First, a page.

Area of investment and support

Area of investment and support: Greenhouse gas removal from the atmosphere

The aim of this programme is to carry out research to better understand the options for removing carbon dioxide and other greenhouse gases from the atmosphere, with a focus on the environmental, technical, economic, governance and wider societal aspects in a national and international context.

Budget:
£8.6 million
Duration:
2017 to 2021
Partners involved:
Natural Environment Research Council (NERC), Department for Business, Energy and Industrial Strategy (BEIS), Engineering and Physical Sciences Research Council (EPSRC), Economic and Social Research Council (ESRC), Met Office Hadley Centre, Science and Technology Facilities Council (STFC)

The scope and what we're doing

The programme will carry out research to improve our knowledge of the options for removing carbon dioxide and other greenhouse gases from the atmosphere at a climatically-relevant scale, giving interdisciplinary attention to the environmental, technical, economic, governance and wider societal aspects of such approaches on a national level and in an international context.

The co-support of the greenhouse gas removal programme reflects its interdisciplinary and strategic purpose, not only to advance scientific understanding in those funders’ remits, but also to provide information and evidence relevant to UK climate policy needs and more widely. The overall programme objectives reflect that strategic purpose:

  • to better define the real world feasibility of greenhouse gas removal techniques that might significantly assist in achieving climate policy goals from a range of technical, economic, societal and environmental perspectives
  • to synthesise and assess existing and newly acquired information on potential greenhouse gas removal techniques, making those informed assessments easily available and useful to the national and international policy-making community for maximum impact.

Value of the outcomes

The outcomes are expected to be of particular value to several bodies and policies.

UK national climate change policy

The programme will provide evidence and advice to BEIS and the UK Committee on Climate Change. They will be important for the Committee on Climate Change’s statutory advice on national carbon budgets and the future UK reporting requirements (through nationally determined contributions) of the Paris agreement of the UN Framework Convention on Climate Change, working closely with the Met Office Hadley Centre.

Intergovernmental Panel on Climate Change

The outcomes of the programme will be of particular value in the context of the Intergovernmental Panel on Climate Change’s sixth assessment report tentatively scheduled for publication in 2021 and special reports. They will also be important for other intergovernmental bodies, such as the Convention on Biological Diversity, with particular interests in the impacts of unconventional climate mitigation.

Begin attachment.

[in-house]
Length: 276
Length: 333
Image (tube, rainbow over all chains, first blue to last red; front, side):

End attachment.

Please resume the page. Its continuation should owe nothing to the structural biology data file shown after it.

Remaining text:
Why we're doing it

The large-scale removal of greenhouse gases from the atmosphere is assumed in nearly all scenario-based climate models that succeed in holding the increase in the global average temperature to well below 2°C above pre-industrial levels as well as the more ambitious pursuit of efforts to limit the temperature increase to 1.5°C above pre-industrial levels. These were agreed in Paris in December 2015 at the 21st Conference of the Parties to the United Nations Framework Convention on Climate Change (COP21).

Such negative emissions by greenhouse gas removal are also almost certainly necessary to achieve a balance between anthropogenic emissions by sources and removals by sinks of greenhouse gases in the second half of this century, on the basis of equity, and in the context of sustainable development and efforts to eradicate poverty. Thus some anthropogenic emissions (for example, those from agriculture) which will be extremely difficult to eliminate, will need to be balanced by active uptake to achieve emission neutrality.

The feasibility, mechanisms and implications of greenhouse gas removal are insufficiently understood. Thus it is currently highly uncertain that any single greenhouse gas removal technique, or combination of techniques, can be implemented at the scale likely to be required to avoid dangerous climate change. And such deployment would be in addition to, not as an alternative to, the priority actions of reducing emissions at source, maximising energy efficiency, and protecting natural carbon sinks.

Important knowledge gaps for greenhouse gas removal include those relating to technological efficiency, environmental impacts (that may be both positive and negative), cost-effectiveness, governance, geo-political equity, social impacts, financing and public acceptability.

As a result, the constraints on the effective future implementation of greenhouse gas removal are only poorly (if at all) characterised in model pathways. Coordinated research on such topics will advance scientific understanding whilst also contributing to policy-relevant assessments, providing evidence for decisions on which greenhouse gas removal approaches warrant the next level of research and development investment to implement effective climate change mitigation.

While potential co-benefits (for example, maintaining biodiversity, flood prevention, air quality and meeting the UN sustainable development goals) are an important consideration for some greenhouse gas removal techniques, most research effort is expected to address the weakest link, which are the key uncertainties, knowledge gaps and trade-offs likely to be involved, with implications for societal legitimacy.

Past projects, outcomes and impact

Who to contact

Simon Howe

Email: ggr@nerc.ukri.org
Telephone: 01793 418015

Last updated: 31 March 2022

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